Project Update: Ostravia Progress October 2013

I figure that since I’m getting increasingly detailed on Ostravia (and I keep posting about it again and again), I should give people some idea of where I am. I’ll be keeping it pretty simple this month, because I’m quite honestly not at the point where anything is set in stone, or even particularly thick paper, but there are a few things that I can keep working from and developing.

Martial combat has been scrapped again. I don’t have much written down, but Ostravia’s needs mandate an “action” system that involves each character getting a certain number of actions per round, but unlike the Action Point system I was developing for Orchestra (which, by the way, remains the best fit for its current needs), the action system is more abstract. It’s like a mix between Shadowrun 4’s IP system and d20’s unified combat round actions. As such a lot of variables get to be cut out, making the game a little more fluid and making it flow better. For instance, ranged attacks don’t need a separate reload action. It also fits the “simulationist-narrative” design of the game. It’ll likely be the subject of next week’s post.

Social combat is about 20% done, with the majority of it that remains being more fleshing out the medieval social aspects rather than the mechanics. It’ll still need a good chunk of mechanics design, but what I’ve seen so far is pretty good as far as whether or not it’s likely to just get thrown out kitchen sink and all..

I’ve decided to add a dueling system. It’s not going to be complex; just rules for tournament or other such styles of dueling that are period authentic and allow a direct contest of martial skill rather than a more traditional combat system. This is in line with the simulationist-narrative design I mentioned earlier; these things don’t work so well outside the combat of a specific system, especially if the goal is not to beat your opponent unconscious or kill them using normal combat fighting. It also provides an excuse to learn to use certain combat skills and weapons that may be impractical, as it plays more into the social elements than into the normal “kill or be killed” combat does.

Finally, stealth’s entirely incomplete. I have ideas for where I want to take it, but there’s no real solid grounding since it’s still highly conceptual. It’d be sort of sorry and interesting if the only part of the game played on a mat is actually the stealth, rather than the normal combat which is primarily narrative, rather than blow-by-blow, driven.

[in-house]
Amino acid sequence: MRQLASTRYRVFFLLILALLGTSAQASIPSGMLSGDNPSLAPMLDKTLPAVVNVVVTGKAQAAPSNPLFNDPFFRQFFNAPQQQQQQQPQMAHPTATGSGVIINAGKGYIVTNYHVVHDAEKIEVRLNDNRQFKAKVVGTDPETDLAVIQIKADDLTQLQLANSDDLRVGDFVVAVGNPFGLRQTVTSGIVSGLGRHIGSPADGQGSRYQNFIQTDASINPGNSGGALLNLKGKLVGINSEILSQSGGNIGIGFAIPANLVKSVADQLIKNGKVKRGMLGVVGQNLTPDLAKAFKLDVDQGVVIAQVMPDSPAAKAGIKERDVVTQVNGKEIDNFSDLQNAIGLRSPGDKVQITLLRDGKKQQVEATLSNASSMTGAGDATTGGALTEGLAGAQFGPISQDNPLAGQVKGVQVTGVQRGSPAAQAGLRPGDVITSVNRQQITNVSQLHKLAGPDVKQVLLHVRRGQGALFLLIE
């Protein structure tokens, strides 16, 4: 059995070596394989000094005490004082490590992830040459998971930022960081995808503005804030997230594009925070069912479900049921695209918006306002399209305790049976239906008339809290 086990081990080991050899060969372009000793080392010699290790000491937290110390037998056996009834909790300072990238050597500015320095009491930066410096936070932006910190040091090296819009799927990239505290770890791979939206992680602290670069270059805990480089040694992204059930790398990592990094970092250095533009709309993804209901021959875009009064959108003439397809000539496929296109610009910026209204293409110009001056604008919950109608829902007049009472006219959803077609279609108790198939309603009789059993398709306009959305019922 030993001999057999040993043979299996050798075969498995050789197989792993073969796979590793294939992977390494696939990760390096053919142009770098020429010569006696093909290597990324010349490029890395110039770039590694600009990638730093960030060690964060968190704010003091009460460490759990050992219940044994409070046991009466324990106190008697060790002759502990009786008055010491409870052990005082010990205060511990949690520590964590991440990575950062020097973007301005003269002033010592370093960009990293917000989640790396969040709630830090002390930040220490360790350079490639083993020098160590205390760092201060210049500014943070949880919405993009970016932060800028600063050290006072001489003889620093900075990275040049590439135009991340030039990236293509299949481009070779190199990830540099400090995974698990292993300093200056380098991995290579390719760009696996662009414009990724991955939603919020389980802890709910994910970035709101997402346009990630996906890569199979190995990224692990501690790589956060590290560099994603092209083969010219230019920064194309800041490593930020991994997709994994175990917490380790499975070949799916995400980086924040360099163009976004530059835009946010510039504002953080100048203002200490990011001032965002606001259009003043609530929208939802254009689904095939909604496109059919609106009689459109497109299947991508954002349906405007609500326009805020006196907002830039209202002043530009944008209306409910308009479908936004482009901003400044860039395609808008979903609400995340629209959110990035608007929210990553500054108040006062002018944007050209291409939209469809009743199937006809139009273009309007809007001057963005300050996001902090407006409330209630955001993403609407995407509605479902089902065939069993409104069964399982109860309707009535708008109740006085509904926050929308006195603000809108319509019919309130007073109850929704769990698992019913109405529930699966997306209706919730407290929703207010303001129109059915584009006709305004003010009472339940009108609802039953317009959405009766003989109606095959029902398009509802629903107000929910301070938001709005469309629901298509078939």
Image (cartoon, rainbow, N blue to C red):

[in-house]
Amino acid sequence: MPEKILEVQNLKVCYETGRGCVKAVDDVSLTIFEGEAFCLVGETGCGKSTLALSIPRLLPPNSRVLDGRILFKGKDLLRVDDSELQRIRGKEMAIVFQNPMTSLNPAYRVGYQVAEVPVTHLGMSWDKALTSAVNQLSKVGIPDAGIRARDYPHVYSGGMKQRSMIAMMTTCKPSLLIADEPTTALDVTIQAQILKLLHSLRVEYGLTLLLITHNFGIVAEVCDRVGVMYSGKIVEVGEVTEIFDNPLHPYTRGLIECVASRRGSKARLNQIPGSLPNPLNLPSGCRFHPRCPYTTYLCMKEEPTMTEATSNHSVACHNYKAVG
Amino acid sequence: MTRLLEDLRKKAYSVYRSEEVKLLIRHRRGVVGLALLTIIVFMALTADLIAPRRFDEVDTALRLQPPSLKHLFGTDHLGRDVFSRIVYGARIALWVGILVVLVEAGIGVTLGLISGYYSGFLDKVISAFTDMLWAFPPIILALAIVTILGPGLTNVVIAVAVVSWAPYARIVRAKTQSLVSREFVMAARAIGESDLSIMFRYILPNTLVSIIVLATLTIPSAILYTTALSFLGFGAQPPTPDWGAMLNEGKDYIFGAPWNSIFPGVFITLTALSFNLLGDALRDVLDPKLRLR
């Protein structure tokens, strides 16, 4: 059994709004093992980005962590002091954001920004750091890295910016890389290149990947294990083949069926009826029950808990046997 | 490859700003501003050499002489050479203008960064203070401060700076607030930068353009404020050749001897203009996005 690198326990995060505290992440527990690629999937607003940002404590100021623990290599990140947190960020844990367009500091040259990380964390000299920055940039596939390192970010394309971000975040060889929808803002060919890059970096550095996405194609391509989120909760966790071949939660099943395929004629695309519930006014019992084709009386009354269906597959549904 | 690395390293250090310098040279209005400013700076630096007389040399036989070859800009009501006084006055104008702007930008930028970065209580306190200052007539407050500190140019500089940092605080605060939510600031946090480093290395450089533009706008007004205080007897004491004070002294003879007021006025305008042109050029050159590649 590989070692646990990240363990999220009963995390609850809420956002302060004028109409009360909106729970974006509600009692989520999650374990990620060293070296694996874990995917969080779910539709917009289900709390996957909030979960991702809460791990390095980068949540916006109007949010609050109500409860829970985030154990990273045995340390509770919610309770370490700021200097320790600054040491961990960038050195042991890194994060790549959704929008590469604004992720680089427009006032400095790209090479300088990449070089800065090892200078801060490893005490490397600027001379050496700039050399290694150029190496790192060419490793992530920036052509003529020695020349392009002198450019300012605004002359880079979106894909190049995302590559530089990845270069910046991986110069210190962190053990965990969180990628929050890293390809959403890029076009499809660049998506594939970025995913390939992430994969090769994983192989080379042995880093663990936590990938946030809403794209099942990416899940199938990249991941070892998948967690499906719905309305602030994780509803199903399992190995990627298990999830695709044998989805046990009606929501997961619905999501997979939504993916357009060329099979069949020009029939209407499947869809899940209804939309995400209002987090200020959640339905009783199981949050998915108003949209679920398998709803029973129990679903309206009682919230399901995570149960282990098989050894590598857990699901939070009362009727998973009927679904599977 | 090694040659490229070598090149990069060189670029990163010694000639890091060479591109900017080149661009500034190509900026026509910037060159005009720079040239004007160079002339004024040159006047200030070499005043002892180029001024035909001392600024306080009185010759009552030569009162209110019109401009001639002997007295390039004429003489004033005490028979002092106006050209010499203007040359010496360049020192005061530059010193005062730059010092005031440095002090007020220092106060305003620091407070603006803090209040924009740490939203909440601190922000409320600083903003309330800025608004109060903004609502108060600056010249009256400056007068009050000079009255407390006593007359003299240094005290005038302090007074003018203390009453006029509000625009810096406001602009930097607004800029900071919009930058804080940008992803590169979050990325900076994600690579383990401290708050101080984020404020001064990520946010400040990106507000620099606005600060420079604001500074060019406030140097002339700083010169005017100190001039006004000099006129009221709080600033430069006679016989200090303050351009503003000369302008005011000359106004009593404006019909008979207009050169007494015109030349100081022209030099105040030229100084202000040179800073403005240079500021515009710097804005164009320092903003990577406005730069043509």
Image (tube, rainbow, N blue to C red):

As far as the other skills go, I don’t have many fleshed out. This is in regards to stuff like medicine and forgery that don’t get a huge domain (like combat), but do get a fair degree of rules and complexity. As always, the flexibility of the ABACUS system means that you can abstract these in play, and that’s about how far the current rules allow for as a general sense, though stuff like forgery can be done very well if the desire to do so is there, even perhaps becoming the focus of a session.

Setting-wise, I have some ideas concept mapped that I’m still working to blend together. I’ve also settled on the idea of sort of having Ostravia represent a 300 year or so span of social developments, going back to pre-“We no longer worship Svetovid” all the way to 1202 Poland, which is the main experience. I’ve also decided to openly embrace the Gothic/Romantic inspirations for Ostravia, since I’m a geeky literature studies kind of guy, and allow openly fantastical elements into the game, though only to a low-fantasy level.

As an honors creative project/thesis, I’m still searching for an adviser. It’s highly up in the air, but I think I’ve found a potential lead (who I e-mailed just before getting an e-mail with recommendations). So, in short, expect to hear some more developments and potentially a fundamental shift.

I’ve also lined up an artist, and if the transactional things with the money from the college for a creative project go as planned you might expect to see some interesting art soon. This interesting art may turn into a Kickstarter to get… more interesting art. I’ll keep people posted.

Finally, obviously, are my Kickstarter plans. I do plan for Ostravia to be a Free and Open work, so that means there are restrictions on how I monetize, but one of the things I’d likely do is create a “Ostravia Primer” as a backer reward and perhaps stretch goal, with several examples of precedent, explanation, and clarification of the rules as they sit in the narrative.

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